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Recommended raised bed size


The time is approaching for myself where I will have to begin constructing raised beds for my allotment.

Rumour has it there is a golden size to make these raised beds for optimal performance and for less back strain.

I was wondering what size others have made their beds, how easy it is for you to crop and maintain from the size you have chosen and if there is a size to completely avoid!

I have plenty of space on my allotment and I'm currently mulling  over 2ft wide X 4ft long?!


  • ObelixxObelixx Posts: 29,629
    You can make them any size you like but the usual recommedation is 4'/120cm wide so you can reach the middle form both sides to plant/weed/harvest without treading on and thus compacting the soil.  The length can be anything you like.

    I would advise putting a post in each corner - just thick enough to be sturdy and high enough to a) stop a hosepipe from trailing over the plants and crushing them as you go round watering and b) use as a support for future nets/cloches to protect plants from insects, cold etc.
    Vendée - 20kms from Atlantic coast.
    "We don't stop playing because we grow old; we grow old because we stop playing." - George Bernard Shaw
  • JennyJJennyJ Posts: 9,562
    Make them short enough so you aren't tempted to step on the bed to get across to the other side. If they're really long you won't want to walk down to the end and back up the other side.
    Doncaster, South Yorkshire. Soil type: sandy, well-drained
  • Lizzie27Lizzie27 Posts: 11,622
    Good point Jenny. Ours are 10ft x 4ft wide x 3 - all we've got room for, but that provides one bed for potatoes (earlies), one bed sweetcorn (15 plants) plus 2 rows Swiss chard and third bed had runnners and peas. There's paths in between the beds, we do a 3yr rotation of veg and only grow what we like to eat. Apart from the Swiss Chard I must admit, as I only grew that this year for the colours! 
    North East Somerset - Clay soil over limestone
  • NollieNollie Posts: 7,316
    120cm/4ft does seem to be the magic width regarding reach. My six beds are 3.2m long and I am not tempted to step on them. The 120cm width allows me a grid with 4 long strings, stretched end to end, spaced 25cm apart with 10cm border around the perimeter. This gives me four rows of most things planted along the string line, or three rows of salad potatoes between the strings. I space courgettes, aubergines and other biggies 50cm apart (fitting quite neatly in my grid) and usually manage to squeeze a few catch crops in between before they fill out that space. I grow my tomatoes outside here, two rows of canes forming a wigwam along the two outer string lines, a row of spinach between them, which are shaded by the tomatoes allowing me to extend the spinach season a bit. I do like a nice grid. The paths between the beds are 60cm wide which I can manoeuvre a wheelbarrow around, just, but if I did it again I would make them 70 or 80cm wide so my steering doesn’t have to be quite so precise!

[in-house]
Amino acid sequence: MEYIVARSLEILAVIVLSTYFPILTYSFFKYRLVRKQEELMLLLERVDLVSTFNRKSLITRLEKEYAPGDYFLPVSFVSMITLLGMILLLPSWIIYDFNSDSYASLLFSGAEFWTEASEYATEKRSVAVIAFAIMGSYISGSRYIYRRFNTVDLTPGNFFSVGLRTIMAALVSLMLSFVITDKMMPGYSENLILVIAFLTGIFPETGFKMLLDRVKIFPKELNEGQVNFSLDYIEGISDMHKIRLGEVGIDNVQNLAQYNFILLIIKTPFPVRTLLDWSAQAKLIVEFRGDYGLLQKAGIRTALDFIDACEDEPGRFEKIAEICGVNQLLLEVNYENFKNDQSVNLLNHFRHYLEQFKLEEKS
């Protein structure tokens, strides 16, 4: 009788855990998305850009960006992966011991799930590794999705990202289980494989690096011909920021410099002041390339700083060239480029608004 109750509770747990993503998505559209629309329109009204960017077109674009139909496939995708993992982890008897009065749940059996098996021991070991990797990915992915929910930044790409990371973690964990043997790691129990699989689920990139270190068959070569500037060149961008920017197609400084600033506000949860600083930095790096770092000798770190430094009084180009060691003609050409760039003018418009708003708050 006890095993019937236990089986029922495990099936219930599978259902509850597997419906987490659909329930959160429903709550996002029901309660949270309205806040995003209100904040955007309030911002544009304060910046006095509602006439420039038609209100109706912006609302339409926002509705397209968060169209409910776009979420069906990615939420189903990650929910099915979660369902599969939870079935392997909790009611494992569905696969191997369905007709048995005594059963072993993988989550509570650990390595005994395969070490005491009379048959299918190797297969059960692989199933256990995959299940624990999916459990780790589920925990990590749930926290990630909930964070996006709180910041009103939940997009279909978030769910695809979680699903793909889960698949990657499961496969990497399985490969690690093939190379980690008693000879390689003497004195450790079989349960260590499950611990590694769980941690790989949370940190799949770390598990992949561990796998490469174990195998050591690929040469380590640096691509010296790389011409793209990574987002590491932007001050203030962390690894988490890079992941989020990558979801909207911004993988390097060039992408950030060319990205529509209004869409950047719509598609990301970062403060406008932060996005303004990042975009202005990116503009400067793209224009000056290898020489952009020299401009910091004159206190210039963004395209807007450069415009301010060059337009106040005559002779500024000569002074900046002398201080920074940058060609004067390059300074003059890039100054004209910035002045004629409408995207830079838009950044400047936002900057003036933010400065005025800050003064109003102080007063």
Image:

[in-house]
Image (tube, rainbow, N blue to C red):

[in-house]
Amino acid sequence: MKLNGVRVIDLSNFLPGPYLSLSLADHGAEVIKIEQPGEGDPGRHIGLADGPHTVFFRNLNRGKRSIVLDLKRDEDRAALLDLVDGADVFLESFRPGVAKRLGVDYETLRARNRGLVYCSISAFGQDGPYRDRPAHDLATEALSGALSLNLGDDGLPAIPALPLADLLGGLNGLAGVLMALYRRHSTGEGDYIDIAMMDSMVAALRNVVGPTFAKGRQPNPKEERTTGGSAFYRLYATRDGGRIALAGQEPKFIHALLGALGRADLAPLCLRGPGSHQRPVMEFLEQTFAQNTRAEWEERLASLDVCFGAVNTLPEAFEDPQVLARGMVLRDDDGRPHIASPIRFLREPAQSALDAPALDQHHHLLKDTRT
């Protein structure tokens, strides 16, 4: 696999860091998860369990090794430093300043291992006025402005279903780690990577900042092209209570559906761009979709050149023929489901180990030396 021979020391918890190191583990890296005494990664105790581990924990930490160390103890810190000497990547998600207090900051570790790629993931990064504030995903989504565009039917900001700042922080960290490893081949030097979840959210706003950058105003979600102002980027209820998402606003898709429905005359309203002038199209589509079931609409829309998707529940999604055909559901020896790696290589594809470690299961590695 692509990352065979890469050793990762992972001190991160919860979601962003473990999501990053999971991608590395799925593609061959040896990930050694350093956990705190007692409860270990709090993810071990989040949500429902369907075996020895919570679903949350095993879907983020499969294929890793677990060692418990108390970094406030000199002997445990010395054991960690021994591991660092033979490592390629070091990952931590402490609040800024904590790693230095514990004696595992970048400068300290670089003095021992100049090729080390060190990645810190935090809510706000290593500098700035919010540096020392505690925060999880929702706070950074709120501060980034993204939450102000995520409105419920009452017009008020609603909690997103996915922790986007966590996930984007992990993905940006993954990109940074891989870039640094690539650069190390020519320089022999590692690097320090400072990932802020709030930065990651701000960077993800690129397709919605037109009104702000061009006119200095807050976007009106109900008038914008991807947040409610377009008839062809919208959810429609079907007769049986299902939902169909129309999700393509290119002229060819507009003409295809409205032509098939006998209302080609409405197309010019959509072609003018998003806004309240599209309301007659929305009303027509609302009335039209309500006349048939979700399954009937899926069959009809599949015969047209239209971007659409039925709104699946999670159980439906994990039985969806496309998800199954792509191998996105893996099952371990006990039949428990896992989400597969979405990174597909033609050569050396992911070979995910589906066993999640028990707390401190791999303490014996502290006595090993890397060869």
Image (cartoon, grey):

Mountainous Northern Catalunya, Spain. Hot summers, cold winters.
  • Janie BJanie B Posts: 943
    Sounds a feat of engineering, @Nollie! A photo, maybe...? 
  • ah brilliant and yes a photo would be great to see!!

    And yes I think 100% I will be looking around the 4ft width mark for sure! Thanks for the input everyone.
  • NollieNollie Posts: 7,316
    Hi @Janie B, not much to look at, they are simple rectanglular boxes, it’s just the overall grid dimensions that seem to work for me. Helpful so you know where you have sown lines of seeds like lettuce, beetroot etc., so you don’t how them out by mistake. The feat of engineering was digging out a large steep bank to create a usable flat space!
    Mountainous Northern Catalunya, Spain. Hot summers, cold winters.
  • FairygirlFairygirl Posts: 53,924
    I often think four feet is quite wide, maybe because I'm small. I'd think it also depends on what you use the beds for.
    If you need to do a lot of reaching to the middle, it might be better to have them slightly narrower, but perhaps it's also a personal thing. 
    It's a place where beautiful isn't enough of a word....

    I live in west central Scotland - not where that photo is...
  • Another, less obvious, reason for using 120cm is that most timber comes in 240cm (8') lengths, so you can just cut them in half and waste no wood.  That's why you see a lot of 8x4' beds. :)
    A trowel in the hand is worth a thousand lost under a bush.
  • steve howesteve howe Posts: 55
    edited November 2018
    I get my timber in 16' lengths (1" X 6") from a local sawmill, saw 4' off and make my beds 12' x 4'. using two lengths. 2" x 2" I don't think it sensible to make them any longer than that, and probably 10' is the ideal as most seed packets are arranged to sow a 10' row. Timber stakes form the corners and intermediate strength on the long sides. On some I used two layers of timber to make the beds 12" high where deeper soil was needed (potatoes, parsnips etc) The suggestion of putting longer posts in the corners is a great idea for stopping hosepipes scything across the beds, or you could be really posh and put those wooden balls you see for tops of fence posts....:) 

     I think 4' wide is the optimal width for reaching over, I use a cut-down scaffold plank set across the bed for access if I do need to dig without standing on the bed. I agree with Nollie about paths - I made mine 2' wide working on the (allegedly Monastic ideal) that One's heels should be against the next bed whilst One's knees are braced against the one being worked on...perhaps medieval monks had shorter legs in those days.... I would make them about 2' 6" wide if I were doing it again.

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